In my opinion as long as you are not asking her to scrub toilets or anything like that I think its age appropriate. As for the reward/allowance I give him about $10 a month or if he doesn't want money he gets an ice cream on Saturdays. For extra chores he gets an extra $2. extra chores are things like bringing laundry down, helping put it away etc.
It works for me :)
Jennifer - posted on 06/03/2011
I have a seven year old son. His chores are small things like keeping his room clean, picking up after himself, bringing in the trash can on pickup days. I give him $7/week. This prevents the begging when we are out. If he wants something, he has to use his own money!
Shawnn - posted on 06/03/2011
For a 7 year old? She can clean her room, help with vacuuming, gather dishes for washing, can help with outdoor chores...anything that is age appropriate! And you should probably start soon, otherwise she's going to argue that you've never made her do anything before...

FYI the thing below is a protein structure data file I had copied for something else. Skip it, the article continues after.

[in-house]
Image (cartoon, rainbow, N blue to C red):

By that age, both of my kids were doing different chores, which included dog poop duty, recycling duty (separating and processing recyclables), sorting laundry, putting away dishes, and they were expected (not as chores) to keep their rooms clean, and their common living areas straightened up.
As far as allowance, I don't believe in one. If a child does the chores assigned to them, then we talk about what they might like to do during the weekend (evenings in the summer), or if they would like to save for a specific thing. We just don't hand out money. I felt that if I were to "give" them an allowance, I'd be inviting argument later. I grew up without one. My parents assigned monetary value to the things that needed to be done around the house and yard. Each time we completed a job, we logged it, and were paid at the end of the week. We were NOT allowed to spend that money either, it went into our piggy banks. Since I didn't agree with that, my hubby and I came up with the system of discussing their desires and helping them make good spending choices (ONLY after they have taken care of their responsibilities)